This is probably a phrase that many of us have used when we’ve heard about an incident which is either of no consequence to us or is one we regularly participate in but which is actually against some law or regulation.
So when we say it are we in reality saying ‘well I would break that law too’ or ‘that law should be abolished because I regularly break it’; is it actually simply an expression of our frustration or even selfishness? Let’s see what you think the Police ‘have better things to do than’ – here are 5 examples:-
Enforcing speed limits?
Stopping pavement parking by drivers?
Tackling cyclists who ride on pavements?
Prosecuting motorists with no Road Tax or insurance?
Fining people who break ‘lockdown’ rules?
I could go on, but I think you’ll have got my drift by now i.e. if we park on pavements we won’t want the police/local council to enforce the regulations on it will we? However, if we are a pedestrian/blind/disabled/or pushing a pram we probably will want them to. The same applies to the other ‘crimes’ I’ve listed and indeed potentially many that I’ve not.
In short we’ll often be affronted by the anti-social/criminal behaviours of others whilst conveniently ignoring our own less than community minded activities. Indeed, can we sit on both sides of the fence by for example grumbling about the vehicle on the pavement when we’ve had to step into the road to get around it whilst dumping our own car on any pavement available when we want to park close to the chippy, hairdressers, chemist etc. etc.? The answer, of course, is yes we can!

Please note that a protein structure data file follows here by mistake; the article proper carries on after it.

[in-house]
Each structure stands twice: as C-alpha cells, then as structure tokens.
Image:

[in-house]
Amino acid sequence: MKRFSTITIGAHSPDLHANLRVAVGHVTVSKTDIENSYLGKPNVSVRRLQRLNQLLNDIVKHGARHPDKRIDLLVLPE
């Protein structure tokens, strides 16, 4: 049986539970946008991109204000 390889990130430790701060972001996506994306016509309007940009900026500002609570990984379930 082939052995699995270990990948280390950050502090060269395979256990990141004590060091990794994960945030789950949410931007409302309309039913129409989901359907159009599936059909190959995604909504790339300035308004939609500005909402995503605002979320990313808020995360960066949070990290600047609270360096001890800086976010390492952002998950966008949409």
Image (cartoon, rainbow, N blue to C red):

Oh and one final thing, why are many of the things we can react to in this way associated with travel and how we go about it?
There can be little doubt that driving standards have plunged during lockdown and that this has mainly manifested itself via excessive speeding. That’s certainly been my experience travelling around Sefton and West Lancashire by car, cycle and indeed walking.
We had quite a number of weeks when there was little or no traffic on our roads and this seemingly became an invitation to those who enjoy/can’t resist speeding to put their clogs to the floor in both urban and rural areas regardless of pretty much anything. ‘We can so we will’ and they certainly have been doing! Maybe they thought the police would be enforcing social distancing and would not be bothered about speeding?
But now speeding become the norm will the petrol heads slow down as our roads are pretty much back to what they used to be? Frankly I’m not sure. Yes they’ll be slowed by the weight of traffic but will the urge to speed mean they’ll take greater risks to get past anything which slows them down? Or put another way once you’ve had a taste of speeding and done it regularly can you stop the addiction?